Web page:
Family separation litigation shifts to restoring migrant rights and preventing future crisis

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As the year draws to a close, the massive effort to reunify migrant families separated at the U.S.-Mexico border is nearly complete, yet the landmark litigation based in San Diego is far from over.

Some 2,100 families, both in the U.S. and abroad, have been reunified over the past six months.

It has been a logistical challenge — one of the government’s own making, a San Diego judge has repeatedly noted — that required enormous federal resources and scores of pro bono lawyers from around the country.


Now, with as few as eight remaining eligible children moving toward possible reunification, the focus of the case has shifted to restoring the rights of the migrants and to preventing such a crisis from happening again.

At the forefront is the implementation of a settlement agreement that allows reunited families still in the U.S. another chance to plead for asylum.

For many of the parents, their first credible fear interviews — which occurred shortly after being forcibly separated from their children, with little to no explanation — were disastrous. Parents were just too distraught to advocate for asylum to the interviewing officer.

So far, 127 reunited parents and children have been re-interviewed by asylum officers to determine whether their original findings should change, according to a joint status report filed in San Diego federal court this month. Most, if not all, of those families have been detained together in immigration custody.

Hundreds more reunited parents and children who have been released on parole into the community are in the process of being notified of their right to such an interview.

What is unknown is the outcome of those re-interviews. The Department of Justice, which has been litigating the case on behalf of the Trump administration, has been reluctant to release numbers on how many asylum decisions have changed as a result of the settlement.


Lawyers for the migrants have argued that it is a matter of transparency and a way to monitor how the government has been implementing the settlement agreement. Lawyers for the government have called the data request too burdensome.

On Dec. 14, U.S. District Judge Dana Sabraw ordered the data to be released.

With the federal government shutdown, it’s unclear when that will occur. All deadlines in this case, and other non-essential civil cases, have been stayed as a result of the failure to reach a federal budget deal.

The next scheduled court hearing is Friday, and it is unknown whether that will remain on the calendar.

Another legal battle is brewing as to who is considered a class member. While attorneys have identified roughly 2,600 children as being part of the case, more families continue to come forward with unique circumstances of separation, asking for relief under the litigation.

Some of those families were reunited before Sabraw’s June 26 injunction against separation. Lawyers for the migrants argue those families should not be excluded from getting new interviews, while the government maintains the class contains only those who were still separated when the injunction was filed.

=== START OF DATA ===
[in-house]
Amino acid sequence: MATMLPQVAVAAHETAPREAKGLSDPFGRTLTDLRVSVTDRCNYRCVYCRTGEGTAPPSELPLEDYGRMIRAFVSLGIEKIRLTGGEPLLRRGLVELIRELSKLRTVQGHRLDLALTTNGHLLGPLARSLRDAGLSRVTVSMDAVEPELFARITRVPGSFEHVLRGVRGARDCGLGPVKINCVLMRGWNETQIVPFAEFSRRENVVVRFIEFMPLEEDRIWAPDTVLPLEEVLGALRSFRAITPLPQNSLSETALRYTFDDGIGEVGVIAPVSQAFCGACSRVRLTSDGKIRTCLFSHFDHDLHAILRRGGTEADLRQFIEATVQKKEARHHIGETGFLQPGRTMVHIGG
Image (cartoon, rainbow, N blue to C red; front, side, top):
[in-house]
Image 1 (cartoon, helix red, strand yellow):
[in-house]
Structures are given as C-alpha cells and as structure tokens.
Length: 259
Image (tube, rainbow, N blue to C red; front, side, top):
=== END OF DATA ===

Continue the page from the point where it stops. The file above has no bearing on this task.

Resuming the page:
Meanwhile, there are still more than 100 separated children in government care.

Rather than be reunited with parents, these children are still waiting to be placed with sponsors — often extended family or friends — in the United States to try for asylum.


Twenty-eight of these children have parents who were deemed to be unfit or a danger. An additional 84 children have parents who were deported and have waived reunification, many hoping their child will have a better opportunity in the U.S. than back home in dangerous and impoverished Central American countries.

Eleven parents who remain in the U.S. have also waived reunification.

The sponsorship process has been slow going for many children as the government conducts background checks on the potential sponsors.

Already, 377 other separated children either have been placed with sponsors or have turned 18, therefore aging out of the system.

There are indications the litigation is beginning to move into its final stages.

Sabraw has asked the lawyers to begin to work on the last piece of his ruling: to come up with a system that links parent and child upon apprehension or surrender at the border.

The lack of such a system is largely blamed for creating the family separation crisis during the Trump administration’s zero tolerance policy. When parents were either arrested to be criminally prosecuted for illegal entry or detained upon claiming asylum at a port of entry, there was often no notation that they had come with a child.

Children were taken to government shelters without indication that they had come with parents.


When parents were released from criminal custody, many couldn’t find out where their children had been taken. Parents were deported, leaving their children behind.

Sabraw is encouraging the government to implement a central database, accessible to all of the agencies that may touch the immigration system at some point: Justice, Homeland Security, Health and Human Services, Customs and Border Protection and Immigration and Customs Enforcement.

While authorities may under law separate families while a parent goes into criminal custody, Sabraw ordered that the reunification process be started immediately upon the parent’s release.

Davis writes for the San Diego Union-Tribune